1. Treat it formally and professionally (respect it) - this is difficult since it comes naturally to all of us (like walking) however we can still use methodologies, planning and professional tools and techniques to improve it and take it to the next level  (e.g. try to research speed walking and you will see how complex it can be and why it is also recognized as a professional sport - yes this will take effort and resources and it should be part of your operations and project budgets)
    2. Instill systems (a formalized approach as to how the communications will be carried out)
    3. Leverage tools and technology (simplest tools can include checklists, most complex tools include social media type softwares that link to back-end databases - you do not have to marry the tool or technology, use it for a project, get the value, then keep it on your belt for the future and move on)
    4. Have a plan with milestones when to continually review your systems and update/evolve them (your collaboration will start to grow and become more successful however, you will never reach perfection and will always have to work at it)
    5. Do not get frustrated and be patient, remember to have a good communication there are three parts that are fully integrated/overlapping:  Sender - Message - Receiver.   If the process is not successful, all three parts must take accountability since they all must blend together to be successful and there are always ways to improve any of the three parts - but we always must balance them in accordance with the priorities (e.g. time, money, quality, risk, etc).

      A great link that talks more on this is:

    Tools - PM Software Helping or Hindering

    Type in a web search related to PM software and the responses are overwhelming.

    It is easy to get confused as to what is a PM software.  Essentially, almost any software can be considered a tool for Project Management, but we must be clear as to what is the focus of that software.  What is the purpose, the value and the results that you want to achieve in relation to that software.  So first you must look at your project, your company culture, the team and of course your personal internal knowledge, skills and experience.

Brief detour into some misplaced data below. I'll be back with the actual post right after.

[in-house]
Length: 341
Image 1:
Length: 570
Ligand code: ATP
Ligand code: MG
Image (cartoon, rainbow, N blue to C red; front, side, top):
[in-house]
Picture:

It is rare to have one software meet all your needs for managing a project.

    One of the first things to clarify, is when people use Microsoft Project software they often call that file the Project Plan.  This is not a best practice.  Microsoft Project is a great software for producing schedules, it can also be leveraged to produce multiple types of reports that can manage resources, earned value management and other scheduling associated aspects.  If you leveraged Projecet Server, then you can also get into another level of enterprise project management. However, it is recommended that the best software for developing a project plan is a word processor type of software, such as Microsoft Word.  From that type of software, you develop a master plan and subsidiary plans.  Most of the time, the project plan becomes a folder on your computer desktop, from which you have multiple types of softwares that are used for each subsidiary plan that you develop.  For example:

    Type of Plan - Type of Software
    • Master Project plan - Microsoft Word or Google Docs or Open Office
    • Scope/WBS - Microsoft Visio or Power Point or Libreoffice Draw
    • Time/Schedule - Microsoft Project or Project Libre or Open Workbench or Basecamp
    • Cost/Budget - Microsoft Excel
    • HR/Organizational Design - Microsoft Visio or Power Point or Libreoffice Draw
    • Procurement/Security/PDF  - Adobe PDF or CutePDF or Foxit or Nitro
    • Risks - Mindmap or Mindjet 
    • Communication/Collaboration/Contacts - GoogleDocs or Dropbox or Chats or MSN or Facebook
    Note:  one of the most important softwares that I recommend you incorporate is the last one, it is often overlooked but when it comes down to it, the biggest reason projects fail is related to communication and collaboration.  Projects involve people - people are generally poor at communication (don't let anyone tell you different) and communication/collaboration is the platform of everything we do on a project.

    The key thing to remember is that software will not manage your project.  First you must have a methodology and a system, then you can look at how software will save on: time, money, resources, quality, efficiency, effectiveness, analytic capability, safety, claims, admin, stress, anxiety, intellectual property, lessons learned, templates, etc.

    When properly used, software WILL bring benefits to how you manage projects.  Be careful in that you do not have to bring in an entire ERP system even for very large projects.  This is also a common error in that software turns projects into admin nightmares and the Project Manager becomes more of an administrator then a manager.  We often see this in larger, more traditional based companies that follow very rigid internal systems and do not have a business model that asks for the ability to be agile, dynamic or adaptable.  I have managed 100 million dollar projects with the softwares listed above - the key was the project systems that were in place.

    Remember, strong PMs leverage software to enable project systems, processes, guidelines, policies and other PM tools.

    A good link is below, touches on the theme of this post and also gives more examples of tools that you could utilize: